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Tuesday, 2 December 1986
Page: 3190


Senator POWELL(8.33) —I rise to speak in the debate on the States Grants (Tertiary Education Assistance) Amendment Bill (No. 2) 1986, the Australian National University Amendment Bill 1986, the Canberra College of Advanced Education Amendment Bill 1986 and the Maritime College Amendment Bill 1986 largely because of my key concern, which is also a concern of the Government, to see participation and equity in education, particularly in higher education. I have a strong sense of unreality in this debate, particularly following the contribution of Senator Townley. There is no question that the impact of the imposition of the so-called $250 administration charge on the ability of individuals to participate in any equitable fashion in higher education will be quite severe. I do not say that just from my own point of view. I say it having talked to students and to prospective students, and to people of all ages and from all sectors of the community.

It is of particular concern to me that the group of people in this community likely to be most affected by the imposition of this fee and what will doubtless be further impositions over time, whether under a Labor Government or under a coalition government, is women. Currently the coalition parties confess that they do not have a policy on tertiary education fees. When the three political parties were confronted just a few weeks ago by students in my State at Deakin University and asked these very questions it was admitted by the local member, a member of the Liberal Party of Australia, that there was no policy. However, in spite of the protestations-albeit so gently put by Senator Townley-there is no question that the Opposition's lack of action on the amendments the Australian Democrats will propose, in all fairness, to the States Grants (Tertiary Education Assistance) Amendment Bill demonstrates the truth of what that local member said: There is no policy and, therefore, there is no action.

I have a particular concern for one group in this context, and that is women. Since genuinely free tertiary education became a fact, oddly enough under the previous Labor Government, in 1974, post-secondary education in its various forms has become more accessible to women. In 1975, 40.7 per cent of students at colleges of advanced education were women. In 1984 the figure was 46.8 per cent. In universities the figure has risen from 37.9 to 48 per cent. Since we first had figures, in 1982, the figure for technical and further education institutions has risen from 48 to 53 per cent. There has been, demonstrably, a substantial impact on access and, therefore, equity, for women students under the system in which no form of tertiary fees applied.

It is therefore ironic that Senator Townley should have concluded his remarks by expressing concern about the position of women under this legislation. It is a simple fact that if the Opposition's protestations were genuine, it could join us and oppose the legislation. It is important that people should appreciate that what is being done here is a reduction of access. When I speak of those numbers of women, it is very important to me, in particular, as a woman who comes from a rural environment, that we should recognise that there is a double disadvantage for some groups of women, and among them are rural women. It has already been recognised in the debate that when there are extra impositions on families, such as problems with extra payments, sometimes a set of priorities will have to exist. In the case of many families, rural families and families of migrant background, it is most often the case that it is the female children who have to take second rank. In this context, although to many people $250 might not seem a very large amount, when a family has several children to educate, at different levels over many years, the question of $250 is the one which could very well decide the fate of many female children in such families. When honourable senators vote on this legislation they should bear that fact very clearly in their minds.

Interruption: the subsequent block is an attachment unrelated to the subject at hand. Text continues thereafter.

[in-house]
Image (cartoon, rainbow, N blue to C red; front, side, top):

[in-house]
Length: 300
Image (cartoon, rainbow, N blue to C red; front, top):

I also draw attention to the fact that the Commonwealth Tertiary Education Commission has expressed concern about the impact of this legislation. It has called for close monitoring-and so, too, do the Australian Democrats. The Commission has pointed out that the $11m special assistance student payment next year will be at risk because of those anomalies which have already been referred to in the debate, which will make a heavy impact into that special assistance payment area. We should be considering that when looking at this legislation. It is not a concern felt by the Democrats alone but one which the Tertiary Education Commission has highlighted. As the Commission said:

Despite the provision of the range of exemptions the administration charge is likely to have an impact on both participation and equity in higher education. The most severe impact may be seen among part-time and external enrolments . . .

Those are the very areas of anomaly which the Democrats' amendments will be addressing. The Tertiary Education Commission went on to say:

It can also be expected that certain course areas will be affected disproportionately by the charge; for example, those areas such as teacher education and nurse education which cater for large numbers and which have cut-off scores for entry that are typically lower than for most other discipline areas.

I remind the Senate, which I should not need to do, that those are areas of high participation by women. It is in those areas that the impact on women is particularly great.

In my conversations with students who are currently in tertiary education and who feel that they are at risk, apart from those areas of high participation by women about which I have spoken, I have found a considerably large number of people who, having found themselves out of employment, have gone into post-secondary education of one kind or another to retrain themselves, in the absence of any official or supported government retraining schemes. It is those people who are studying part time. Many of them are men, family breadwinners, who have found themselves unemployed-as the statistics show, this is happening for increasingly long periods and to increasing numbers-and who have chosen not to throw themselves on the mercy of the public system but to get into the education system. They are most markedly affected by the imposition of a $250 fee, especially when they have to pay that at the beginning of the year when all the other enrolment charges also apply. That is another anomaly which we would have liked to have had addressed.